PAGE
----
Have a great visit to the HP experience, Slugsta. I loved those books, too - more than the films - and am slowly reading my way through them in Spanish, which is a perfect way to consolidate a new language as a) it's written for children, so simple, and b) you know the stories so well that you can guess most of the unknown words. --Mind you, it does mean that when in Spain I can say, 'I would like to buy a toad and a cauldron,' but not 'Where can I buy a set of saucepans?' for example!
     
  7. Slugsta

    Slugsta Registered User

    LOL RedLou. My hubby used to read the 'Asterix the Gaul' books in French - and had similar problems with useable vocabulary :) I didn't enjoy the HP books but did watch the films with pleasure, ain't folk strange? :D

    Ann, I really don't know how you cope! Is there anything left of the MIL you used to know? I remember you saying that she would come home from DC with a bag full of purloined goodies, I didn't expect to be in the same position so soon.

    The wardens where Mum lives are very good and say that she will be able to stay there, with help, for a long time yet (which is good because Mum will not be self-funding so I expect the state to leave her there until a crisis occurs!). It was Mum's neighbour who told me about Cakegate, she takes his little dog out every morning and he keeps an eye on her generally.

    I'm a bit frustrated about Day Centre, she finally agreed to go but it seems that we need a financial assessment first and I have heard nothing about that. I think I am going to change our days out to a Wednesday, that will do away with one excuse for not going to DC! Her trolly and chair raisers came yesterday, I told her that she must use the trolly. Her rollator arrived this morning but have not unpacked it. It was only £36, including delivery, so I hope it will be OK.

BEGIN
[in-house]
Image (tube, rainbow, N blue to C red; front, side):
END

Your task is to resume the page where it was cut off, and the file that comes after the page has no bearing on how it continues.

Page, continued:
Anyhoo, I must get on my broomstick and head out.
     
  8. learningcurve

    learningcurve Registered User

    Oct 9, 2015
    22
    Hampshire
    2jays - Mum does respond to her first name, but she rolled her eyes at me and laughed when her carer used it but I think that was because it is a very unusual name and the carer didn't pronounce it correctly. I have never heard of anyone else having that name.

    Ann - I think Mum probably ended up in that lounge as she spends a few hours every day in the manager's office (who is also her carer) which is in the EMI unit. She loves it in there and spends time writing little notes down from the posters on the wall. But as it was Sunday she wasn't there. As for the hair, well... I may take my curling tongs with me next time and restyle it for her and hope they take the hint :D
     
  9. 2jays

    2jays Registered User

    Jun 4, 2010
    11,585
    West Midlands
    I know what you mean about pronouncing the "odd" sounding name. Mums too is very unusual :D :D


    Sent from my iPhone using Talking Point
     
  10. Tin

    Tin Registered User

    May 18, 2014
    4,829
    UK
    After almost 8 months of mum having no interest in the phone whatsoever, she now does and is back to those air messages she used to leave for my brother. She can no longer dial a number, just picks up hand set and talks. Also answering when it rings and I am out of the room, so back to unplugging.
     
  11. canary

    canary Registered User

    Feb 25, 2014
    9,840
    Female
    South coast
    You may find that curling her hair will become a rather nice shared thing between you. Mum loves having her nails manicured and painted and its something I like to do for her.
     
  12. jugglingmum

    jugglingmum Registered User

    Jan 5, 2014
    5,021
    Female
    Chester
    Ooh Piph that Manuka Honey dressing sounds interesting. Lots of skin wounds from time to time in this house, (occupational hazard for racing cyclists) so will look into it.